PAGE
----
The only time the team looked anything but elite all day was the first half of their match with the University of Virginia, in which they only led 20-0 twelve minutes into the game, mainly due to the dominating play of Virginia beater Brian Stanley. But even watching that game, you never felt that the result was truly in doubt. Virginia never really got close to scoring, all but completely shut down by the Terrapins’ defense. And when the offense clicked, as it was sure to do eventually, Maryland still took the game down comfortably.

Aside from those 12 minutes—and I’m comfortable giving a team a 12-minute pass at their first tournament—Maryland earned an A-plus. They pulled out of snitch range of Villanova for the first time in the history of the match-up, allowing just 30 points, and showed the value of their depth by wearing UNC down to submission in the finals. The terrapins will be tested more—they will face better teams, and they still have some work to do honing their beater strategy—but for one week at least, their ranking seems well-deserved.


Saturday was supposed to be a coronation. The reign of LSU in the state of Louisiana had finally reached its close, the result of a mass exodus of the team’s best players, and Loyola (New Orleans) was touted as being better than ever, more than ready to take the Tigers’ spot. But at the Crawfish Classic, things did not quite go as planned for Loyola. What was supposed to be a coronation became a dogfight.

It seemed like everything had gone right for Loyola in the off season. None of LSU’s key players chose to return, while Loyola got another year of development from the likes of Etefia Umana and Tad Walters, while also absorbing some talented players from the surrounding area, including Emerson College graduate CJ Junior.

But the first test run for Louisiana’s new world order did not go as expected. Loyola started the day by needing a snitch grab to beat Tulane, who they were trailing in quaffle points, and ended the day with a 90*-80 loss to that pesky LSU side. While they did get the tournament win, it was a hollow one, earned on point differential after bracket play had to be called off.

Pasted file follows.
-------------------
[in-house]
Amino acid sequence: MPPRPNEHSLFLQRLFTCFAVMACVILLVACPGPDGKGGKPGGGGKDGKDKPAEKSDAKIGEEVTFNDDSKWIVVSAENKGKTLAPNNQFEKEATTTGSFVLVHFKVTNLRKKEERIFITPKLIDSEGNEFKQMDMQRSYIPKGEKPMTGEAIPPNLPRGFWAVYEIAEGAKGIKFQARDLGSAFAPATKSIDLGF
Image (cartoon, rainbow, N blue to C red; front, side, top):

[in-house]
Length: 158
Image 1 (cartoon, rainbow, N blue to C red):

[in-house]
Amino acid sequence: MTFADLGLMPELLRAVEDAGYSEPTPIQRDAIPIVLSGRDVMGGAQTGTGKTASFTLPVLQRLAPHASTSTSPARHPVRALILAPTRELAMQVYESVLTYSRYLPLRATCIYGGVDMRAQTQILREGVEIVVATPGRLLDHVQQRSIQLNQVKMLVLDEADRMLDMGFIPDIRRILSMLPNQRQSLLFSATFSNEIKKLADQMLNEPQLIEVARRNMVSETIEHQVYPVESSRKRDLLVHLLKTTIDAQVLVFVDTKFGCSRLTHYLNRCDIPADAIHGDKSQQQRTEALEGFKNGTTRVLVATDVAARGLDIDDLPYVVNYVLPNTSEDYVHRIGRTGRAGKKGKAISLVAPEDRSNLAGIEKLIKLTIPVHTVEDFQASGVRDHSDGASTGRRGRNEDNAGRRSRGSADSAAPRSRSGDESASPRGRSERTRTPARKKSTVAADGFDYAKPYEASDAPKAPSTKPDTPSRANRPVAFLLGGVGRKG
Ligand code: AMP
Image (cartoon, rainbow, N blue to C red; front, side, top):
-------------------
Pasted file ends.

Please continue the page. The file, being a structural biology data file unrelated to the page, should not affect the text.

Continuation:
If “Best in State” was a title belt, Loyola would not have even managed to take it this weekend, but technically and statistically, it will be the title they will hold for now. Still, with multiple missing pieces this past weekend, including Junior, and many young players still being integrated, we have yet to see the best the team has to offer. Which is good, because with too many weekends of results like this, the entire state could be relegated to quidditch oblivion sooner rather than later.

Tumultuous Tar Heel

UNC has not been on a hype train so far this season, they have been on a hype roller coaster. They started the offseason as so many people’s sneaky second-best team in the Mid-Atlantic that it stopped being sneaky, then looked so disinterested and impotent at Minerva Cup that everyone, myself included, got on their back. They then proceeded to start their Turtle Cup by falling behind Rutgers University, 30-0, early in the game. But from there, the Tar Heels were stellar, putting up a pool play point differential that topped even Maryland’s before making a run to the finals, where they finally fell, 150*-60, to the Terrapins.

It is hard to talk about UNC without talking about Max Miceli, but for the most part, that is what we are going to do here today. Miceli remained the team’s most potent scorer throughout the tournament, but he rightfully gave his other players time in blowout. pool-play contests and was forced into limited playing time in the finals by severe cramps in his legs.

But with Miceli leaving some space in the spotlight over the weekend, and with Chris Champitto not in attendance, there was space for a pair of other players to shine. The first was Justin Cole, a freshman quaffle player who injected a level of athleticism the team tended to lack behind its stars. He was a contributor on both offense and defense—where he was a plenty physical presence for a new player—and should help to fill out their first line going forward.

While Cole undoubtedly played well, it was a full-on breakout tournament for beater Kyle Bullins. Over the course of the day, Bullins was aggressive in all the right ways, whether it was making it impossible for Capital Madness to leave their keeper zone; keeping bludger control from Kyle Jeon for large chunks of time; or keeping Maryland from just running away with the finals, despite barely being able to stand. He mixes a strong arm with very impressive catching ability, and I believe he will only improve over time. Which is good, because if UNC wants to be the poor man’s LSU and Miceli is going to be Brad Armentor, Bullins is going to need to be both Daniel DePaula and Jason Winn.

As good as UNC looked on Saturday, glaring weaknesses remain. The team has no depth, which was more than evident as they tried to go blow-for-blow with a far deeper Maryland team in the finals. They also play no defense, a combination of a lack of athleticism in their depth and just a poor team defensive mentality that starts at the top with Miceli, who is not known for his defensive effort. These might not be glaring issues against Rutgers and Madness, but they will be against better teams.

So have the Tar Heels earned the title of the Mid-Atlantic’s second best team going into October? At the moment, I would have to say they have, but watching both them and Villanova play, I fear that moment may be fleeting. Villanova has the athletic depth that UNC lacks and are likely to make that click offensively sooner rather than later. The Mid-Atlantic Regional Championship is only a month away, but unless the bracket breaks in a friendly way for the Tar Heels, I think they will be on the outside looking in come the final.